Upcycling A Pair of Stained Glass Doors

By Bruce Johnson

When my good friend Jim called from a local antiques shop, he really sounded excited. He had found these two arts and crafts stained glass cabinet doors and knew they would look great in our home. After a quick measurement, Leigh Ann and I realized they would fit perfectly in our two narrow bedroom windows.

The cabinet doors were covered with several layers of old white paint, so rather than risk sanding or stripping off any hidden lead paint, I decided to attach thin oak strips to create a new framework around the stained glass.

After nailing the strips of oak to the old frame, I filled the countersunk holes with Minwax® Stainable Wood Filler.

Once it had dried, I gave the new oak and the Stainable Wood Filler a quick sanding with #180-grit sandpaper, then vacuumed off the dust.

Since this was a small project, I reached for a tube of “Oak” Minwax® Express Color™ to stain and finish my new frame in one easy step.

Once the restoration was complete, all that I needed to hang them were four hooks and two lengths of chain. In just a few hours, I transformed two painted cabinet doors into two oak stained glass windows that provide both privacy and artistic color to our bedroom.

Until next time,

Thanks for stopping by.

Bruce

About Bruce Johnson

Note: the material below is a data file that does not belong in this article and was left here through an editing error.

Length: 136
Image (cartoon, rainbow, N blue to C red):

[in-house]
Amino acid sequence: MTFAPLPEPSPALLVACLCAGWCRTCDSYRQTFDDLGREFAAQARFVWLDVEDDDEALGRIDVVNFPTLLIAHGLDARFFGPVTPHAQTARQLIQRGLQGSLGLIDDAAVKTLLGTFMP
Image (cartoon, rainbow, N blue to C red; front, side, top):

Author-craftsman Bruce Johnson has introduced millions of do-it-yourselfers, craftspeople and antique collectors to the world of wood finishing and antique restoration. As the official spokesperson for Minwax®, the leading manufacturer of wood finishing and wood care products, Bruce motivates people to take the initiative to beautify their surroundings. Through his many books, magazine articles and columns, as well as frequent appearances on national television talk shows, Johnson is recognized as an authority in the do-it-yourself community. Appearing on PBS, HGTV, The Discovery Channel, and currently hosting “DIY Woodworking” and “Build A Log Cabin”, on the DIY cable network, Johnson has brought the illustrious craft of wood finishing to the forefront of the American home. An expert in wood refinishing, antique restoration, and home improvement, Bruce has published more than a dozen books on these topics, including Fifty Simple Ways To Save Your House, The Wood Finisher, The Weekend Refinisher, and The Official Identification and Price Guide to the Arts and Crafts Movement. For more than 20-years, he penned an antique refinishing advice column, "Knock on Wood," which ran in dozens of antique/collectibles publications. Currently, he writes a column on Arts & Crafts for Style 1900 magazine. A rare combination of craftsman and journalist, Johnson began his career as a high school English teacher, but left teaching to set up his "Knock on Wood Antique Repair & Restoration" shop. He spent the next 10 years as a full-time professional refinisher, but eventually returned to writing. Yet, Johnson says, he won't ever be without a workbench and a couple of refinishing projects down in the basement. Johnson is also the founder and director of the Arts and Crafts Conference and Antique Show held every February in Asheville, North Carolina, at the Grove Park Inn. The conference, which includes the largest Arts and Crafts antiques show, attracts more than 1500 Arts and Crafts collectors each year to its many seminars, tours, demonstrations and exhibits. Johnson is proud to have played a role in reviving interest in designers like Gustav Stickley, who founded the Arts and Crafts movement. His latest book, “Grove Park Inn Arts & Crafts Furniture,” was awarded the 2009 Thomas Wolfe Literary Award. These furnishings are treasured by such collectors as Steven Spielberg and Bruce Willis, among many others.

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